AN APP aimed at getting students to think more about their mental health and wellbeing has been recognised at an awards ceremony.

The BHCS TeenMind app, launched by Brighton Hill Community School, came out on top at the Bett Awards in the Impact Award category.

New for this year’s awards, the prize recognised schools to have made a difference to its students’ education.

The app was designed in collaboration with Gaia Technologies, along with staff and students at the secondary school, and aims to encourage young people as a whole to take control of their mental wellbeing and help develop their emotional intelligence and resilience.

The app scheme, led by head of mental health and wellbeing at the school Clare Roberts, was praised for its ability to give simple but effective definitions, advice and information on where to get help in the school.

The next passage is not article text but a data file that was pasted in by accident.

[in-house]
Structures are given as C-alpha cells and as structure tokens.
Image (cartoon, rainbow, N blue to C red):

Mrs Roberts said: “Winning this award is a wonderful endorsement that building a culture which emphasises the importance of mental health and wellbeing is not separate to teaching and learning but is at the heart of creating positive and effective learning environments.

“This project was able to happen because as a teacher I was allowed to ‘take a risk’; be creative; think cross-curricular and experiment with Edtech.”

BHCS Teenmind is also the accumulation of collaborative work with media students and mental wellbeing ambassadors.

Headteacher at Brighton Hill, Chris Edwards, said: “It’s an incredible honour for Brighton Hill Community School to be the only school nationally to win a prestigious BETT award.

“We take provision for mental health and wellbeing very seriously and we are delighted to be recognised in this way.

“I’ve always said that we have the best students and staff in the country and it’s fantastic that we now have external verification.”